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UPDATED: Innu Nation takes feds to court over NCC agreement

From left, Innu Nation land claim negotiating team member David Nuke, Innu Nation Deputy Grand Chief Etienne Rich, Innu Nation Grand Chief Gregory Rich and land claim negotiating team member Peter Penashue speak to reporters Thursday.
Innu Nation Deputy Grand Chief Etienne Rich, Innu Nation Grand Chief Gregory Rich and land claim negotiating team member Peter Penashue speaking to reporters in July of 2018 when the federal government began talks with NCC about Indigenous rights. - Evan Careen

NCC say the allegations made in court order are a form of racism and lateral violence against NunatuKavut

SHESHATSHIU, N.L. —

The Innu Nation is taking the federal government to court. The indigenous government sent out a press release on Tuesday, Oct. 8 that it has applied to the Federal courts to quash the Memorandum of Understanding (MOU) between the feds and the Nunatukavut Community Council (NCC).

“Innu Nation was shocked to hear the announcement by Canada on September 5, 2019 that Canada had entered into an expedited agreement with NCC following just one year of negotiations.,” the release read. “The MOU, if it proceeds, will harm the Innu‘s aboriginal rights — rights that are currently protected under Canada‘s constitution.”

What the Innu Nation is referring to is a step forward in NCC’s land claim process that was announced in September. NCC, who represent the Southern Inuit, said at the time the MOU helps them establish a framework to negotiate with the federal government.

NCC President Todd Russell said the comments from the Innu Nation are "a form of racism and lateral violence against NunatuKavut Inuit and perpetuate colonial narratives."
NCC President Todd Russell said the comments from the Innu Nation are "a form of racism and lateral violence against NunatuKavut Inuit and perpetuate colonial narratives."

This will have an impact on the Innu Nations own land claim process, the release says, and cause delays. NCC President Todd Russell rejected that claim.

“There is no potential for our MOU to delay or diminish the Innu Nation’s land claim,” Russell said in a statement. “There will be overlap between our land claim and the land claim of Innu Nation. This is not a unique occurrence in modern land claims processes, where multiple overlapping claims often exist. The overlapping claims speak to the historical and modern reality of our respective peoples’ land use and cultural expression.”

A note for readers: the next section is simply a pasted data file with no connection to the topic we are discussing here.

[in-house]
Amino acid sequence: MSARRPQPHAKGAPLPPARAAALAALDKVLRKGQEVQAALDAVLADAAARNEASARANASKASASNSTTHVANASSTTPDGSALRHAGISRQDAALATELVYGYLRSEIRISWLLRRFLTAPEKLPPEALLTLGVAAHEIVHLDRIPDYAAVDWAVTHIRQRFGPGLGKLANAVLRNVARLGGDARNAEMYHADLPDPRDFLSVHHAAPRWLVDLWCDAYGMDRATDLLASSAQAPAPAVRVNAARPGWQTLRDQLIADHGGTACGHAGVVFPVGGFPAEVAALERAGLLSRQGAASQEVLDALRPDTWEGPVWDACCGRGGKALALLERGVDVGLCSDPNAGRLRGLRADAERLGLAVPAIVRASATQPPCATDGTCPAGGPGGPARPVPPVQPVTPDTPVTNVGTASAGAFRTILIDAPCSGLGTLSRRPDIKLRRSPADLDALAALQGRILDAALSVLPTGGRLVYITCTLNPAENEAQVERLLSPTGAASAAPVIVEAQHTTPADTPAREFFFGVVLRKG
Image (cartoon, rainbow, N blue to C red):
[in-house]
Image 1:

Innu Nation challenging NCC identity

The Innu Nation is also alleging that the federal government did not follow reasonable due diligence in issuing the MOU with NCC.

“For example, Canada ignored its own previous research and legal opinion, which had concluded that NCC ‘is a modern political organization that represents people of varying degrees of Aboriginal ancestry and not an aboriginal collectivity capable of holding aboriginal rights,’” the release says.

Russell said NCC rejects any attempt to deny their culture, and their connection to the land, water and ice.

“The inflammatory and misleading allegations made by Innu Nation in a recent Federal Court application are completely unfounded and deeply troubling,” Russell said. “These allegations are a form of racism and lateral violence against NunatuKavut Inuit and perpetuate colonial narratives.”

He said it was disappointing that the issue pursued litigation and it could be an opportunity for cooperation.

The federal government and NCC began negotiations in July of 2018 on Indigenous rights and self-determination.

“We hope there is a time when all Indigenous groups in Labrador can sit at a table in a respectful way and move forward together,” Russell said. “The recognition and respect of our rights is something that NCC has been working on for many years.”

“These allegations are a form of racism and lateral violence against NunatuKavut Inuit and perpetuate colonial narratives.” — Todd Russell

The release sent out by the Innu Nation specifically noted that part of the area claimed by NCC is the community of Sheshatshiu.

“NCC has claimed land rights throughout most of the Innu land claim area including the Sheshatshiu Innu First Nation Reserve where 2,000 of Innu Nation‘s members reside,” the Innu Nation said. “Innu Nation has been negotiating its own land rights with Canada for four decades.”

According to the release, the Innu have been reaching out to the federal government since July of 2018 about the NCC claim and have not received satisfactory answers to their questions.


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